For anyone with allergies, the word antihistamine dredges up images of over-the-counter medicines we wouldn’t want to live without. All those pills, sprays, creams, and eye drops give us relief from whatever we’re allergic to: pollens, peanuts, even puppies.
The very word antihistamine implies that histamine is a bad thing. Break it up into its component parts and you have anti plus histamine. Evidently whatever histamine is, we’re very against it.
Surprisingly, though, histamine is not all bad. In fact, we can’t really live without it. It plays a very important role in our body’s defensive arsenal: It helps usher white blood cells to the tissues in your body to ward off infection.
Unfortunately, it also causes a lot of side effects, like stuffy noses and watery eyes. We humans aren’t the only creatures who experience this, either. Other mammals including cats and dogs experience histamine reactions — more commonly called allergic reactions — too.
To be honest, I have no idea whether fish are actually allergic to anything. Nor whether they experience the aquatic version of a runny nose. But I do know they produce histamine. They’re also a major ingredient in most cat foods. And that’s what makes it problematic.
You see, there’s this really weird thing that happens to some fish after they’ve been caught. They actually begin making histamine. A LOT of it. So much, in fact, that improperly preserved fish can give your cat (and you) a severe case of histamine poisoning.
It’s a condition known as scombroidosis.
The symptoms of scombroidosis can include nausea, vomiting, diarrhea, headache, fever, flushed skin, and a rapid pulse rate. Several years ago a family in Albuquerque — as well as the family dog — experienced this firsthand when they ordered mahi for dinner at a restaurant … and brought home the proverbial doggie bag.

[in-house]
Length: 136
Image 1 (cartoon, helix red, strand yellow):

A trip to the emergency room for the humans, and to the emergency vet for the dog, resulted in a diagnosis of scromboidosis.
Dr. Phil Lieberman of the American Academy of Allergy, Asthma, and Immunology tells us that scromboidosis or scombroid poisoning “is unique among the seafood toxins since it results from product mishandling rather than contamination.”
It’s caused, he explains, when fisherman have inadequate cooling procedures in place while harvesting and storing the fish they catch. If the fish aren’t immediately put on ice, a “bloom effect” occurs, resulting in a release of bacterial histamine.
Excessive amounts of bacterial histamine, he says, cause “an allergy-like form of food poisoning” that continues to be a major problem in seafood safety today.
What can you, as a cat owner do? Become your cat’s consumer advocate. Opt for formulas that do not include seafood in them. And read your cat food labels. Many cat foods labeled as containing other proteins have fish as secondary ingredients.
And if your finicky feline insists on a surf-and-turf diet, choose carefully. Go with brands that are known for quality, or better yet, human-grade ingredients. You are the only advocate your cat has, and he depends upon you for his health and well-being.
Does your cat insist upon a seafood diet? Has this article changed your opinion on seafood-based cat foods? Let us know in comments.